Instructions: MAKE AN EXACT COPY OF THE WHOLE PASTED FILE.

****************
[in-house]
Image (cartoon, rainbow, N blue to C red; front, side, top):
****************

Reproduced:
[in-house]
Image (cartoon, rainbow, N blue to C red; front, side, top):